|1970–71 Boston Bruins · NHL|
|Prince of Wales Trophy Winners|
|Goals for||399 (1st)|
|Goals against||207 (3rd)|
|General Manager||Milt Schmidt|
|Goals||Phil Esposito (76)|
|Assists||Bobby Orr (102)|
|Points||Phil Esposito (152)|
|Penalties in minutes||Don Awrey (141)|
|Wins||Ed Johnston (30)|
|Goals against average||Ed Johnston (2.52)|
|← Seasons →|
The 1970–71 Boston Bruins season was the Bruins' 47th season in the NHL. The Bruins finished first in the East Division and won the Prince of Wales Trophy. They were upset in the first round of the playoffs by the Montreal Canadiens, four games to three.
Bobby Orr signed the NHL's first one million dollar contract (to be paid out over five years) during the summer of 1970. 
The 1970 NHL Expansion Draft was held on June 10, 1970 to fill the rosters of the league's two newest teams, the Buffalo Sabres and the Vancouver Canucks. Each team was allowed to protect two goalies and fifteen skaters.
The first eighteen rounds involved selecting skaters. Once a skater was selected from a team, they could protect another skater up to a maximum of two. The first two picks were both from Boston as Buffalo selected Tom Webster and Vancouver picked Gary Doak. Garnet Bailey and Danny Schock were then both protected. Barry Wilkins was the only other Bruins selected, by Vancouver in the ninth round. Bruins GM Milt Schmidt was livid that Buffalo GM Punch Imlach had selected Tom Webster as he had an agreement with him to select Garnet Bailey instead and then give the Sabres future considerations. Imlach promptly traded Webster to the Detroit Red Wings for Roger Crozier where Webster scored 30 goals and led the Red Wings in scoring in the 1970-71 season. Webster moved on to play for the New England Whalers of the WHA where he led them in scoring for three seasons and won the first Avco World Trophy.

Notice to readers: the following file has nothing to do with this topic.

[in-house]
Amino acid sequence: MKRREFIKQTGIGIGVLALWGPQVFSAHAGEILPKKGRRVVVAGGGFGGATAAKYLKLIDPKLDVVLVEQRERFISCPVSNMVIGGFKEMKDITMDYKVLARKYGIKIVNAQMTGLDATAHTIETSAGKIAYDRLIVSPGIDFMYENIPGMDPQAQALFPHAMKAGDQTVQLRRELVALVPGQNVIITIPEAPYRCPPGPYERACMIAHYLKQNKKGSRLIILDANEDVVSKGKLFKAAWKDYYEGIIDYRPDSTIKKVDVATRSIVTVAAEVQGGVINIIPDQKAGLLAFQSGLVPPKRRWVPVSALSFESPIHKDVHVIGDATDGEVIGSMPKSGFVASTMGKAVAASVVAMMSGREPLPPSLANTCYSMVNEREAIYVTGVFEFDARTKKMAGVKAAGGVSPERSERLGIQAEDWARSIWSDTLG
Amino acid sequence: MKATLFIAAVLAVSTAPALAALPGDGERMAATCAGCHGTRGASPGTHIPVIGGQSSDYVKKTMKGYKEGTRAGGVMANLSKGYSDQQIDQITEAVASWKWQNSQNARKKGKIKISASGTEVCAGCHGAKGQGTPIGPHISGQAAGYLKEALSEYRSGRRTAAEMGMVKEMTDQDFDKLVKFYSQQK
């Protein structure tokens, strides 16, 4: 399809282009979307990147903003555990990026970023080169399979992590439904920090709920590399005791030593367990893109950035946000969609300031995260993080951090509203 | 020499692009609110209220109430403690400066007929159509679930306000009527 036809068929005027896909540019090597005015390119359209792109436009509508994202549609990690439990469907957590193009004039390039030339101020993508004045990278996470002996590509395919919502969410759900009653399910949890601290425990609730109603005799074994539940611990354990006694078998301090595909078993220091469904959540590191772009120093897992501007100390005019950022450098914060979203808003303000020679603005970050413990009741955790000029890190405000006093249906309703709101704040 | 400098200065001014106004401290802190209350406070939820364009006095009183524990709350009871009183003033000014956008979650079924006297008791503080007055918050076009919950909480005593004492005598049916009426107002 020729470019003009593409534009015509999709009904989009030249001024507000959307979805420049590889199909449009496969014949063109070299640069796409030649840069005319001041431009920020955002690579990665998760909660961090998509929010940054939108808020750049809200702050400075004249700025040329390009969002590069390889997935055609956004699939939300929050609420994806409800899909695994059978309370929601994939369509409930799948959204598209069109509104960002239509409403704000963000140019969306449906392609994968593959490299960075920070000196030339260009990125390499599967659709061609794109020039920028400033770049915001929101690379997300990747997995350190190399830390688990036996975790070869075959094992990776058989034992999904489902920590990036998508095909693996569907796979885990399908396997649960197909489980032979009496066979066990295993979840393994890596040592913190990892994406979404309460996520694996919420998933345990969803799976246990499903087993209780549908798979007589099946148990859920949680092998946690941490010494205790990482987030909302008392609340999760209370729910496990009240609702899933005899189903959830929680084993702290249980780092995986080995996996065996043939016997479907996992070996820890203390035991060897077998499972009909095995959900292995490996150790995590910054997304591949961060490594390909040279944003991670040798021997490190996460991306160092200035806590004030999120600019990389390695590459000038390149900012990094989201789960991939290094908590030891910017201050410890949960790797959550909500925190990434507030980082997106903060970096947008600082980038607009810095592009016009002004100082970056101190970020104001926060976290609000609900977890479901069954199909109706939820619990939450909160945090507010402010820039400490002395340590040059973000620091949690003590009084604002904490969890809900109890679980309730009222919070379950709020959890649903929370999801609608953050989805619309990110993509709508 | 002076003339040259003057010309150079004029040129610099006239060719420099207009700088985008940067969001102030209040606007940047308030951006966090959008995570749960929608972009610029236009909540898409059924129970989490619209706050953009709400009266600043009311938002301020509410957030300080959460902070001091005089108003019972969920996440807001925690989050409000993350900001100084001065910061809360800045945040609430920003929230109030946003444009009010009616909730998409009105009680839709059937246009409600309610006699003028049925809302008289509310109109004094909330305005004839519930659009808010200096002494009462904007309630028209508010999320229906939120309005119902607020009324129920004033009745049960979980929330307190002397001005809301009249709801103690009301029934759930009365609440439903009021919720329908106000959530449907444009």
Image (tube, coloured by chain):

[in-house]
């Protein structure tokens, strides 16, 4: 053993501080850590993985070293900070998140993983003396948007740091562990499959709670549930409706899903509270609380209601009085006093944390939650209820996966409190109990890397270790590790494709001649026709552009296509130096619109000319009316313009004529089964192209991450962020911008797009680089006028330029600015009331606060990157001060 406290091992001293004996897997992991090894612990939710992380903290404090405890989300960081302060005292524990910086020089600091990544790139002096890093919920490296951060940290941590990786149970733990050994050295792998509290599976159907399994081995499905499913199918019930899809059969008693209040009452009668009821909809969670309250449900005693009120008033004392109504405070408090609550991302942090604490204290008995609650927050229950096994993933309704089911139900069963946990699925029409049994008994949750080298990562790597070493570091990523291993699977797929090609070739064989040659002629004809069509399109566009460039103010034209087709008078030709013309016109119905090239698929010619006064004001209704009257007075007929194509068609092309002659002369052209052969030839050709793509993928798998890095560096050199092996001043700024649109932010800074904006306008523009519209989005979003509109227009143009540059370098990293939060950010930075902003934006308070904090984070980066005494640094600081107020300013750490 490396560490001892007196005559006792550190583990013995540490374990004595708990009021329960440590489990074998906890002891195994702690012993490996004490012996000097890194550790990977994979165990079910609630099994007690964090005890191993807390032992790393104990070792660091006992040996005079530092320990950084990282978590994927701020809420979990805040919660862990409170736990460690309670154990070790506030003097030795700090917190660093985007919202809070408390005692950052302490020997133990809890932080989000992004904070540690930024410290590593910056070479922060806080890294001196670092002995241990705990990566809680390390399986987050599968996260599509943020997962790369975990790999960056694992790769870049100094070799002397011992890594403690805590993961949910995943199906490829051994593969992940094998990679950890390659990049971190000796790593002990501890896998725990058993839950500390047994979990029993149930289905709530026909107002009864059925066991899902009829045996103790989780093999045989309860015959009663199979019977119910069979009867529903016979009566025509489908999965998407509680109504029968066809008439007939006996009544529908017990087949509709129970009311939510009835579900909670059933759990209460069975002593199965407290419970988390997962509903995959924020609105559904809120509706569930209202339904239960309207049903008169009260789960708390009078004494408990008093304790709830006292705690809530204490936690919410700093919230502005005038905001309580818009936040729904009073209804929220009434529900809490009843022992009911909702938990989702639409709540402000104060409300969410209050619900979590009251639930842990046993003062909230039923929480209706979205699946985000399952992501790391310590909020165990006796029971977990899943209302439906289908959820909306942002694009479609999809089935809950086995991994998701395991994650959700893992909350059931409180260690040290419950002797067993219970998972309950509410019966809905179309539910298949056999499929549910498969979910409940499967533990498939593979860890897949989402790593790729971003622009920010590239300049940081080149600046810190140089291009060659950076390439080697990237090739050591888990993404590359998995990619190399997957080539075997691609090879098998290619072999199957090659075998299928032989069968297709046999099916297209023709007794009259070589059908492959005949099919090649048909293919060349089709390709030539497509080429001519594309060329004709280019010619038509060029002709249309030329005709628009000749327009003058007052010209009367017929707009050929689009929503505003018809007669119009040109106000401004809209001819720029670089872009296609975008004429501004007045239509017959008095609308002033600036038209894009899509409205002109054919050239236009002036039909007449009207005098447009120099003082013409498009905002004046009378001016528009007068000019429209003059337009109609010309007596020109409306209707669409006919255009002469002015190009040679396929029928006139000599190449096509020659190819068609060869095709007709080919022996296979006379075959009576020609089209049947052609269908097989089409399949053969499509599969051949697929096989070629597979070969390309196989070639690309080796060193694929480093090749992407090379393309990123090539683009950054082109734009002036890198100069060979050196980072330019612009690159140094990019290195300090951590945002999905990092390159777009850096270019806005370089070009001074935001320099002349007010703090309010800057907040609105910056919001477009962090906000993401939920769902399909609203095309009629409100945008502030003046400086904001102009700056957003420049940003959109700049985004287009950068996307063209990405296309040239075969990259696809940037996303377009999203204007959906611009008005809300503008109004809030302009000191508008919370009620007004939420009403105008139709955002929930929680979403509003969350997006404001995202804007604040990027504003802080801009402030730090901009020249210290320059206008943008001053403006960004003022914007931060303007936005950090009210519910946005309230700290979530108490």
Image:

The Bruins 1970-71 season was simply, one of the greatest in NHL history. The team shattered records for most points, wins, goals scored and shorthanded goals while also setting numerous individual records highlighted by Phil Esposito scoring 76 goals and 152 points and Bobby Orr marking 102 assists.
Boston's defense changed little from the previous season and was strengthened by the return of Ted Green. Green missed the entire 1969-70 season after having his skull crushed in a stick-swinging fight with Wayne Maki. Green wore a helmet for the rest of his career and anchored the Bruins second defense pair with Don Awrey and occasionally, Rick Smith. Bobby Orr and Dallas Smith remained as the first defense pair while the rock solid goaltending tandem of Gerry Cheevers and Eddie Johnston remained unchanged.
The Bruins first three lines were also unchanged from the previous season. Phil Esposito centered Ken Hodge and Wayne Cashman, though occasionally, Don Marcotte played on the first line. Fred Stanfield, John Bucyk and John McKenzie manned the second line while Derek Sanderson, Ed Westfall and Wayne Carleton comprised the third. Having returned from the broken ankle he suffered in March 1970, Garnet Bailey played on the fourth line and was an excellent penalty killer.